Watercooler: How fast can you run?
I have a thing for automata and Rube Goldberg devices and robots. But this freaks me out a tad:
The robot’s movements are patterned after those of fast-running animals in nature. The robot increases its stride and running speed by flexing and un-flexing its back on each step, much as an actual cheetah does.
The current version of the Cheetah robot runs on a laboratory treadmill where it is powered by an off-board hydraulic pump, and uses a boom-like device to keep it running in the center of the treadmill. Testing of a free-running prototype is planned for later this year.
While the M3 program conducts basic research and is not focused on specific military missions, the technology it aims to develop could have a wide range of potential military applications.
My google-fu failed me, and I was only halfheartedly looking, to tell the truth, to find recent top human speeds. Because no matter what they are, that’s for some few highly dedicated and trained individuals. Because you and I can’t run that fast. For miles. And miles. And miles. So what is this damned thing for?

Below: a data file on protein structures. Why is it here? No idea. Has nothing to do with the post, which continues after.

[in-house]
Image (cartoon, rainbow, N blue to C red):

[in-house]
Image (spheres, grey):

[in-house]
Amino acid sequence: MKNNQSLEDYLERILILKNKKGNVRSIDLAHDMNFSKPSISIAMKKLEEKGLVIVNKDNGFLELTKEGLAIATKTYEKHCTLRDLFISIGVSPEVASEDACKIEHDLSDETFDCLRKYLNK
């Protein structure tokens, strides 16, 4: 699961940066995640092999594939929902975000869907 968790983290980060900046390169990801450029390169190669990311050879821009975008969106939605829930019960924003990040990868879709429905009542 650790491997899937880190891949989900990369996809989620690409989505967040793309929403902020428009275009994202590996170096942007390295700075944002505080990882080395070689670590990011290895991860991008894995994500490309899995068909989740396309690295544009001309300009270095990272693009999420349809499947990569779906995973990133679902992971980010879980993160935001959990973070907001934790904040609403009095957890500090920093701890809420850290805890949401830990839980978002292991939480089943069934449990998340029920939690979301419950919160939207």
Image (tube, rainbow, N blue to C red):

Anyhow, there are some choice comments (which I normally recommend avoiding – they’re often worse than local newspaper comments) on the youtube itself:
Do a barrel? roll!
excuse? me, i will now go build a new house with all the bricks i just laid while watching this.
KILL IT!? KILL IT WITH FIRE!
Can it transform into a cassette? tape?
It’s the? legs. Those, cold, soulless, scythes it calls legs. . .